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Factors Responsible for the Depletion of Flora and Fauna

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Factors Responsible for the Depletion of Flora and Fauna - Lesson Summary

The Asiatic Cheetah became extinct in India in 1952. The Himalayan Yew, a medicinal plant found in Himachal Pradesh and Arunachal Pradesh. The bark, needles and roots of this plant yield a substance used to treat several types of cancer. Today, over exploitation has endangered the species.

The main reason for the depletion of fauna is excessive hunting and poaching. Forests and wetlands are natural habitats of animals and the destruction of these has resulted in the depletion of our wildlife. Over-exploitation of forests has resulted in the depletion of flora. Deforestation is one of the main causes of the depletion of flora. In colonial India vast stretches of natural forests were destroyed for the expansion of railways, agriculture, commercial farming and mining.

The colonial practice continued even after independence. Large infrastructure projects, like multi-purpose dams, have also resulted in massive deforestation. Mining also contributes to deforestation. Poor cultivation methods like slash and burn agriculture, or Jhuming, practised by tribal people in north-eastern and central India, have also led to deforestation.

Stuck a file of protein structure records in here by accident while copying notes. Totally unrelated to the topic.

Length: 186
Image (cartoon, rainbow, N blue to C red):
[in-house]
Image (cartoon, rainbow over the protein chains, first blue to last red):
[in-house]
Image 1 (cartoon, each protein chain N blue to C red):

Overgrazing by cattle herds also leads to large-scale destruction of pastures and natural forests. Enrichment plantation is the practice of replacing different species of trees in an area by a single commercially valuable species. Teak plantations have damaged the natural forests in south India, while Chir Pine plantations in Himalayas have greatly reduced the natural oak and rhododendron forests. Factors like environmental pollution and forest fires lead to a depletion of both our flora and fauna. The environmental factors that lead to a decline in biodiversity are caused by inequitable consumption of resources and inequitable responsibility borne for the well-being of the environment.

Hunting and poaching, habitat destruction, deforestation, over-exploitation, enrichment plantations, environmental pollution and forest fires are factors responsible for the decrease in India’s biodiversity.

However, the responsibility for the protection and conservation of the environment is not shared by people in proportion with the resources that they consume. The depletion of flora and fauna has considerable impact on society, who are directly dependent on forests for resources and livelihood.

Women have to walk long distances to collect food and firewood which leads to neglect of their children and household. Natural calamities like droughts and floods are also a result of environmental degradation and the hardest hit by these are the poorest. The flora and fauna of India are under severe threat, and require immediate measures of conservation.

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